(1) Only a mediator who is qualified as a family dispute resolution professional may conduct a mediation in relation to a family law dispute.

Lawyers who qualify as family law mediators meet the training requirements of, and are accredited by, the Law Society of British Columbia. You can find out if a lawyer is a "family law mediator" by looking the lawyer up in the Lawyer Directory on the Law Society's website. The training requirements that professionals other than lawyers must meet to qualify as "family dispute resolution professionals" are set out in section 4(2) of the Family Law Act Regulation, and include:

  1. being a member in good standing with specific organizations,
  2. meeting specific educational and experiential requirements,
  3. taking continuing family dispute resolution training, and
  4. carrying professional liability insurance.

Section 4 of the regulation imposes two extra duties on mediators who are family dispute resolution professionals: they must use written participation agreements; and, they must provide the parties with confirmation that they qualify as family dispute resolution professionals. Section 4(3) says this:

(3) The following practice standards apply to a family dispute resolution professional who wishes to engage in mediation in relation to a family law dispute:

(a) before initiating mediation, the mediator must enter into a written agreement to mediate with the parties to the family law dispute;

(b) before initiating mediation, the mediator must provide written confirmation to the parties to the family law dispute that the mediator meets the professional requirements set out in subsection (2).

The mediation process

The first step is for each party to meet with a lawyer, hopefully a family law lawyer. Even if you don't intend on hiring the lawyer for the whole mediation process, or having the lawyer with you at the mediation, it can be really helpful to meet with a lawyer before the process begins to get some proper legal advice about the law that applies to your situation, and a sense of the general range of likely outcomes and the options available to you.

If you plan on retaining the lawyer for the mediation process, the lawyer will have the names of three or four mediators with whom they prefer to work. Mediate BC, formerly the BC Mediation Roster Society, maintains a list of many, but not all, of the people who are trained as mediators in this province. Their website can help you find a mediator and offers more information about the mediation process, and you can also do a google search for "family law mediator British Columbia" to get more names. Many family law lawyers — who may or may not be members of Mediate BC — are also accredited family law mediators; lawyers who work as mediators will usually say so in their advertising.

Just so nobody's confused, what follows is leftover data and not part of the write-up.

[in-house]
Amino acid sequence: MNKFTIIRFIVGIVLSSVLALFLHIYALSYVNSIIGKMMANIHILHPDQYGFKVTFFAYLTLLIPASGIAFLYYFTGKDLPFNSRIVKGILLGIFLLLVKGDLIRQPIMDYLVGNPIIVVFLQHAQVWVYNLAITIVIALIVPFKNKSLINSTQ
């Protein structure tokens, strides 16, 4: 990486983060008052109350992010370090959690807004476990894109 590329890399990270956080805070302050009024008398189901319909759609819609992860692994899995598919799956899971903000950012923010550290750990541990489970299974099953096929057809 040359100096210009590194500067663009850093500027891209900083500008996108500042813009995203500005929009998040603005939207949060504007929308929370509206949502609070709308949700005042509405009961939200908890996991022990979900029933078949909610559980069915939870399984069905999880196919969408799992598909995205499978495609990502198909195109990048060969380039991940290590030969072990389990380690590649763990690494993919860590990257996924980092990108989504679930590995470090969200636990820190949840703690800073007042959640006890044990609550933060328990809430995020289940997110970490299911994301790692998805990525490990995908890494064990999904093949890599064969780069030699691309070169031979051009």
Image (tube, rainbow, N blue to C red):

Once you've picked a mediator, the mediator will usually provide you or your lawyer with an intake sheet to get some basic information about you, your family and your legal dispute, as well as their usual participation agreement. Mediation participation agreements, just like the participation agreements used in collaborative negotiation, arbitration and parenting coordination, describe your rights and responsibilities during the mediation process, the process itself and the terms of the mediator's services. The mediator may want you to get independent legal advice about the meaning and effect of their mediation participation agreement if you have not hired a lawyer already.

Getting organized

The mediator will sometimes meet with the parties separately before the actual mediation begins. This is because mediators, like arbitrators and parenting coordinators, have a duty to assess for the presence of family violence under section 8(1) of the Family Law Act and, if it is present, the extent to which the family violence may affect:

  1. the safety of a party; and,
  2. the ability of a party to negotiate a fair agreement.

The mediator may not conduct this assessment for parties who are represented by a lawyer, because their lawyer will already have been required to assess for the presence of family violence. In addition to assessing for the presence of family violence, this meeting also gives the mediator a chance to get to know each of the parties a bit, and for the parties to discuss with the mediator any concerns or questions they might have about the mediation process.

Next, the parties and the mediator will agree to:

  1. a meeting, or schedule of meetings,
  2. the ground rules for any meetings, and
  3. the legal issues that are to be addressed.

Sometimes decisions about ground rules and goals are left to the parties themselves; it is their process, after all, not that of the mediator. If the parties are using lawyers, this step may be left out either because ground rules aren't required or because the lawyers will negotiate the ground rules between themselves. Whether there are multiple meetings or not depends largely on the parties and the number and complexity of the legal issues. Often a single half- or full-day meeting will produce an agreement.